Tina Podlodowski Named Head of Lifelong AIDS Alliance
Chuck Kuehn Leaves for Peace Corps After Eight Years With Agency
March 26, 2004
Seattle -- Lifelong AIDS Alliance's Board of Directors is pleased to announce that former Seattle City Councilmember Tina Podlodowski has accepted the position of Executive Director, effective March 29, 2004.
Rich Thorvilson, President of the Board of Directors said, "We are thrilled that Tina accepted our offer to lead Lifelong in these critical times, and know she will be able to meet the challenges posed to our agency head on. We love Tina's excitement, passion, knowledge of the Seattle/King County human services community, private sector management experience, and marketing and fundraising skills. Add to that her local and national political experience as a Seattle City Councilmember, and we couldn't have found a better leader for this organization."
Podlodowski replaces Chuck Kuehn, who has led Lifelong AIDS Alliance for three years. Kuehn is leaving Lifelong to pursue a long-time dream of joining the Peace Corps, and he will be working in Africa. Before assuming the role of Executive Director at the agency, which was created in 2001 with the merger of Northwest AIDS Foundation and Chicken Soup Brigade, Kuehn worked served for five years as the Executive Director of Chicken Soup Brigade.
Podlodowski has had a long and varied career and life as a legislator, technology executive and philanthropist. She served on the Seattle City Council from 1996 until 2000. She was Chair of the Public Safety, Health and Technology Committee, and Neighborhoods and Neighborhood Planning Committee. In 1999, she was able to pass three watershed pieces of legislation helping to ensure basic rights for all. Under her Equal Benefits Ordinance, Seattle became the second city in the nation to require companies contracting with the City of Seattle to extend equal benefits to domestic partners. She authored and passed legislation to protect gender identity under all of the City's non-discrimination laws, making Seattle the third major city in the nation to include both sexual orientation and gender identity in these kinds of laws.
Prior to joining the Seattle City Council, Podlodowski was a senior manager at Microsoft, most recently as director and general manager of Microsoft University, Microsoft's worldwide training business in 1991.
Podlodowski believes in the importance of service to the community and spends time with many non-profit organizations and boards. She just completed a term as a member of the Board of Directors of the Human Rights Campaign, the nation's largest gay, lesbian, bisexual and transgender political organization based in Washington, D.C. Together with the Human Rights Campaign, she helped to create HRC FamilyNet, dedicated to the needs of gay and lesbian families. Podlodowski has served on the Board of the National Gay and Lesbian Task Force, is a past co-chair of the Outgiving Conference and a former President of the International Network of Lesbian and Gay Elected Officials. She is also a former Board President of the Pride Foundation. She is currently a member of the Visiting Committee at the Daniel J. Evans School of Public Affairs at the University of Washington.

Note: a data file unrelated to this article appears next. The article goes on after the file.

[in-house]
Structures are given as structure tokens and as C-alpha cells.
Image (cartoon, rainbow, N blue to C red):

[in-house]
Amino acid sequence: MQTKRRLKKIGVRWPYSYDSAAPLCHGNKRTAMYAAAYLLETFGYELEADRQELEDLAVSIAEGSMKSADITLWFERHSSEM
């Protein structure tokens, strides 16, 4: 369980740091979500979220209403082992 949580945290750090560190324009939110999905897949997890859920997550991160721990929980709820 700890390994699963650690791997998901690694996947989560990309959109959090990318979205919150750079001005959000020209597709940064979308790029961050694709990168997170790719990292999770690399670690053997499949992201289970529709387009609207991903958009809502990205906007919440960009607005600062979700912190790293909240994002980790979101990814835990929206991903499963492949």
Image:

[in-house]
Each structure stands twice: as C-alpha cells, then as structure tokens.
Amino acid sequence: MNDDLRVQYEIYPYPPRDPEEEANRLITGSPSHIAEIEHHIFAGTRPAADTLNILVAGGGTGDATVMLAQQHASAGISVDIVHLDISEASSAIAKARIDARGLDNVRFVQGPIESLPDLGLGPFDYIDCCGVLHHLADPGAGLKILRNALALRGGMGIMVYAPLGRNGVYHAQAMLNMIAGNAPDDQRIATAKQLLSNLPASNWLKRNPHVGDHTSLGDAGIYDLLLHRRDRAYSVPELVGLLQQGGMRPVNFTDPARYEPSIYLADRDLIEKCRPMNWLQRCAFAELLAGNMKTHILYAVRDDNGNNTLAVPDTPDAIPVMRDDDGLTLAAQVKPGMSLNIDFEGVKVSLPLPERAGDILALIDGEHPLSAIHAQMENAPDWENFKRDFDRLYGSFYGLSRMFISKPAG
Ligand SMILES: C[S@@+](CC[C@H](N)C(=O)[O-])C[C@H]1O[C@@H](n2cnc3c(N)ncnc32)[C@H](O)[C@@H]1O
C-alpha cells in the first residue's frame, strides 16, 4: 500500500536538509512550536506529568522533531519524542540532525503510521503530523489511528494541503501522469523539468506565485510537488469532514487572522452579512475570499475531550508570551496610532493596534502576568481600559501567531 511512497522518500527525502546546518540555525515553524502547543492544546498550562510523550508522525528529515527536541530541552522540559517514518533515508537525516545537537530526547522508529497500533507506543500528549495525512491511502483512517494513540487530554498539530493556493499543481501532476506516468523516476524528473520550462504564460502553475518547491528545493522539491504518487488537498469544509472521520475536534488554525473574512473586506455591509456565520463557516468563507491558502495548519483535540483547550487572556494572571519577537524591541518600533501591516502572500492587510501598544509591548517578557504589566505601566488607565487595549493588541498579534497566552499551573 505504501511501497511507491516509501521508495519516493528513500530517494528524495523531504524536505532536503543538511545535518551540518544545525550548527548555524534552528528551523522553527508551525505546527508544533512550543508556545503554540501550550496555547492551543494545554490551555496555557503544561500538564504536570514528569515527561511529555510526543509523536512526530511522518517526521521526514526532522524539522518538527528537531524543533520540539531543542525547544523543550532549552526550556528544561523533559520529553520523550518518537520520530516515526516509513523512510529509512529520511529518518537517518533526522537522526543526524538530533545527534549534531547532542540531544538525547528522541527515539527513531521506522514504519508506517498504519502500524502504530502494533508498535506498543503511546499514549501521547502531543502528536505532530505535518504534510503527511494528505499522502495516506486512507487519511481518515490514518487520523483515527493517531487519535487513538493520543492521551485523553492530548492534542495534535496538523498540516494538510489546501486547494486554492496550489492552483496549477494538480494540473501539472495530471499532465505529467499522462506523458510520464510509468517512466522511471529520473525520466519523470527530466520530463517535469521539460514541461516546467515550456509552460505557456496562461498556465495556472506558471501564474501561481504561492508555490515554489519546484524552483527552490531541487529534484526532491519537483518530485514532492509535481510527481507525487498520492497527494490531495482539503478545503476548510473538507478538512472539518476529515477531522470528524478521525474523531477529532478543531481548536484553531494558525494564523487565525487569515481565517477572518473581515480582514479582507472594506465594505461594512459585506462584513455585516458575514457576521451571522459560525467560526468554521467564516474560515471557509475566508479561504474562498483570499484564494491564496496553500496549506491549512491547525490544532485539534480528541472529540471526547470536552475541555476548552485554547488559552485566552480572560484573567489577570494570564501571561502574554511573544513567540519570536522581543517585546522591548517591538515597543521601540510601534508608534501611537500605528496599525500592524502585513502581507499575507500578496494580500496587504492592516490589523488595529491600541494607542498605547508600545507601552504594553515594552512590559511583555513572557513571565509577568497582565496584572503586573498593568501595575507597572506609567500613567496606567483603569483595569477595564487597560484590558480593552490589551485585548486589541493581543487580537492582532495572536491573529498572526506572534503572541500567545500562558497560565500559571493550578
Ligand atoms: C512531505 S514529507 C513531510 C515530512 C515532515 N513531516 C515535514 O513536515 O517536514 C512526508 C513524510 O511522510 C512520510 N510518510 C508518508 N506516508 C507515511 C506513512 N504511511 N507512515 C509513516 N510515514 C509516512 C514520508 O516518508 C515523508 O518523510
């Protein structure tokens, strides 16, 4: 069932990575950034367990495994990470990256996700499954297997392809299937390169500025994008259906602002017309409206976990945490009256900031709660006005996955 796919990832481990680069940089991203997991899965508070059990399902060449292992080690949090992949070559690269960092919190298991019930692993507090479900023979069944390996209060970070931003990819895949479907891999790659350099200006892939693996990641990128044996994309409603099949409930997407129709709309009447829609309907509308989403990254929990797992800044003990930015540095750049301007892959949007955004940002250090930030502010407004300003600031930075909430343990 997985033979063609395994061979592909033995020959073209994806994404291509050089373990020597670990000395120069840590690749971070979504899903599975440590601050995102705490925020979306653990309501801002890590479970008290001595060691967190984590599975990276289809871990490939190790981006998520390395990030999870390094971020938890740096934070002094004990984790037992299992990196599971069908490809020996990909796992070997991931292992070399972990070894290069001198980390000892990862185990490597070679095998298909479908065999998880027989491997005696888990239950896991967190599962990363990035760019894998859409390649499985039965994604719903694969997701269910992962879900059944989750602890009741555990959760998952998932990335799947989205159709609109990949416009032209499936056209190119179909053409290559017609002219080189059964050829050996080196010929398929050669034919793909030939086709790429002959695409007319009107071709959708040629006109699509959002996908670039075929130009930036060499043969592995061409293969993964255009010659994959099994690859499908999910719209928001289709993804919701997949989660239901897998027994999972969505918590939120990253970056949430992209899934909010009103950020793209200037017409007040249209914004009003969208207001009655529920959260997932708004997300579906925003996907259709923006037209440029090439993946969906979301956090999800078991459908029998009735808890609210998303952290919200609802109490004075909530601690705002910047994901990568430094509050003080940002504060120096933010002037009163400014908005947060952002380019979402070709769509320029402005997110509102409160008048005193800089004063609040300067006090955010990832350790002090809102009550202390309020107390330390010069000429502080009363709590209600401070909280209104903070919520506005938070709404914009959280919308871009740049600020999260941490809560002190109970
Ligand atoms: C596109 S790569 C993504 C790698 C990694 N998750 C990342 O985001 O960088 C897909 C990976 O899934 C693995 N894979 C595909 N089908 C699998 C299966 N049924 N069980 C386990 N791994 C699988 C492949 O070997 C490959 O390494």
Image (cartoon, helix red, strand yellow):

United States Senator Patty Murray said, "Tina Podlodowski is an excellent choice to become the new executive director of Lifelong AIDS Alliance and lead their efforts in combating HIV/AIDS, and provide needed services to affected families. The agency, Seattle community and national effort against AIDS will benefit from her wealth of private and public sector experience, her intelligence and leadership abilities. Tina will be a welcome addition at this crucial time in the fight against AIDS."
Christine Hurley, Executive Director of Bailey-Boushay House, commended the choice. "Lifelong AIDS Alliance is our community's leading voice in the ongoing battle against AIDS. Tina's leadership will further strengthen public awareness and advocacy for persons living and at risk of HIV/AIDS."
Lifelong AIDS Alliance was formed in January 2001 through the merger of Chicken Soup Brigade and Northwest AIDS Foundation. It provides housing and home chores, food and nutrition services, insurance continuation, transportation, case management, and emergency financial assistance to people living with HIV/AIDS in King County. Community services include HIV/AIDS prevention education, and local, state and national public policy advocacy.
The services are as critical today as they've ever been. Contrary to popular belief, the disease is not waning -- it is only changing. 50 percent of the 42 million adults worldwide affected by AIDS are women. And, of the two people in Washington State today that will contract HIV, one of them is under 25. Furthermore, due to the advances in drug therapies, people with AIDS are living longer and thus requiring services for longer periods of time.
Lauri Hennessey of Hennessey Communications, Lifelong AIDS Alliance Media Contact, can be reached at (206) 650-4153.
Former Seattle City Council Member Chosen as Head of King County, Wash.-Based Lifelong AIDS Alliance
This article was provided by Seattle Treatment Education Project. It is a part of the publication STEP Ezine.